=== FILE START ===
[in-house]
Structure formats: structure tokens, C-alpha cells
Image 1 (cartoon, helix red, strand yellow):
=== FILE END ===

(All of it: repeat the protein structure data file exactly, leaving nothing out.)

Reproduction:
[in-house]
Structure formats: structure tokens, C-alpha cells
Image 1 (cartoon, helix red, strand yellow):